Capital Ring

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Capital Ring
Capital ring.jpg
A Capital Ring sign positioned near the Preston Road tube station
Length Approx. 120 kilometres (75 mi) (see below)
Location Greater London
Designation UK National Trail
Trailheads circular
Use Walking

The Capital Ring is a strategic walking route that is being promoted by London's 33 local councils, led by the City of London Corporation in partnership with the Greater London Authority and its functional body for regional transport, Transport for London, through which much of the funding is provided. It is called a "ring" because the route completely encircles inner and central London.

The official start of the route is the Woolwich foot tunnel, but the nature of the route means that it can be started or finished at almost any point.

The idea originated in 1990 at one of the early meetings of the London Walking Forum and it was completed in September 2005. It passes through green areas of both urban and suburban London.

Route sections[edit]

Route descriptions[edit]

South-East London[edit]

Here the Capital Ring comprises three walks, 1 to 3. These are part of the South East London Green Chain. It starts from the Woolwich foot tunnel and ends in Crystal Palace Park. Points of interest in this section include the Thames Barrier, Severndroog Castle, Eltham Palace and the remains of The Crystal Palace.

South London[edit]

In this section, the trail comprises two walks, walk 4 and 5. Points of interest in this section include Biggin Wood (one of the few remnants of the Great North Wood), Streatham Common, Tooting Bec Lido and Wandsworth Common.

South-West London[edit]

Here the Capital Ring comprises two walks, walk 6 and 7. Walk 6 consists of a brief walk through suburban Wimbledon Park, then crosses Wimbledon Common and then Richmond Park. While the route passes within about 100 metres of King Henry VIII's Mound, with its protected view of St Paul's Cathedral, this is not indicated on the signposts for the route. Walk 7 continues from Richmond along the Thames, before deviating through old Isleworth, then through the grounds of Syon Park. It then continues along the Grand Union Canal to Osterley Lock.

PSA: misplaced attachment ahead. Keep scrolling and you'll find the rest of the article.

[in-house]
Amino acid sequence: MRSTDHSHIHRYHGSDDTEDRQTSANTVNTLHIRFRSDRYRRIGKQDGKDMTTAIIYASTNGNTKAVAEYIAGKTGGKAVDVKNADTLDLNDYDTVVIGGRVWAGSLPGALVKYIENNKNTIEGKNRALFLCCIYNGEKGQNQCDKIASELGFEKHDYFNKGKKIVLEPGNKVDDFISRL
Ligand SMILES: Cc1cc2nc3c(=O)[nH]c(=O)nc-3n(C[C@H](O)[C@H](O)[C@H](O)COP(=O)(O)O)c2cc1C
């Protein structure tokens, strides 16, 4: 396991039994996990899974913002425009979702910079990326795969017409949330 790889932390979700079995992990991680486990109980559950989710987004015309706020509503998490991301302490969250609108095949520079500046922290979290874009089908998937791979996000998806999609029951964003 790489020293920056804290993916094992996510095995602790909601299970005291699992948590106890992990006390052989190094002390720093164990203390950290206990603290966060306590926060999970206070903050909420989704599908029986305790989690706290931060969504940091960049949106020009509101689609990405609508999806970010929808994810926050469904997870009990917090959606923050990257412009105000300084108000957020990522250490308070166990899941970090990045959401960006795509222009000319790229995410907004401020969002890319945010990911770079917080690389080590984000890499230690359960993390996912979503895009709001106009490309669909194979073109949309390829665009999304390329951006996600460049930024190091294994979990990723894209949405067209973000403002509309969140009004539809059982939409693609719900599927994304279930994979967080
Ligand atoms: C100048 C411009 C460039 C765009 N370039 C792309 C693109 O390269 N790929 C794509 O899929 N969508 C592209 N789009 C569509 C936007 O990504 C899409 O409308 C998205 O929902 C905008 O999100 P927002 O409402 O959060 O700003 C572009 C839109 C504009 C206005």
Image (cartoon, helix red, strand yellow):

West and North-West London[edit]

Here the Capital Ring comprises two walks, walk 8 and 9. Points of interest in this section include the River Brent, the Wharncliffe Viaduct, Horsenden Hill (with panoramic views) and Harrow School.

North London[edit]

The Capital Ring comprises two walks, walk 10 and 11, in North London.

Walk 10 starts from South Kenton railway station, crosses Preston Park and passes Preston Road underground station, before reaching Fryent Country Park. It then heads south and east to Brent Reservoir and West Hendon where it crosses the Edgware Road, M1 motorway and A41 to reach Hendon Park, near Hendon Central tube station.

Walk 11 starts at Hendon Park, again following the River Brent and Mutton Brook through Hampstead Garden Suburb. It passes East Finchley tube station, Cherry Tree Wood and Highgate Wood (complete with a tea shop, interpretive display, and green grassy picnic area). From here it passes through Queen's Wood to the Northern Line's Highgate tube station.

North-East London[edit]

The Capital Ring is made up of two walks, walk 12 and 13. Walk 12 covers Highgate to Stoke Newington, and walk 13 Stoke Newington to Hackney Wick.

Walk 12 starts at the Priory Gardens entrance to Highgate tube station and follows the Parkland Walk past Crouch End to Finsbury Park. After crossing the park it follows the New River past the Stoke Newington reservoirs. It then crosses Clissold Park and Abney Park Cemetery before reaching Stoke Newington railway station; Stoke Newington is also served by the 73 bus. Walk 13 heads east though the streets of Lower Clapton to Springfield Park before following the River Lee Navigation south through Lea Bridge to White Post Lane, near Hackney Wick railway station.

East London[edit]

In this area, the Capital Ring comprises two walks, walk 14 and 15, which pass through the area used for the London 2012 Summer Olympics, including Pudding Mill Lane DLR station. Walk 14 follows The Greenway for most of its distance.

Length[edit]

Authorities do not agree on the length of the route, probably because of the various station links. Walk London[1] give the length as 125 km (78 mi), the distances they give for the 15 sections sum to 133 km, yet they say the average length of the 15 sections is 7.8 km, which produces a total of 117 km. The total is only 115 km (71 mi) according to the Ramblers Association;[2] the Transport for London website[3] gives it as 117 km (73 mi). Plotting the official route on digital 1:25 000 mapping gives a length of about 120 km.[4]

Further reading[edit]

  • Saunders, Colin (2006-06-15). The Capital Ring. Aurum Press. ISBN 1-84513-075-8. 

References[edit]

External links[edit]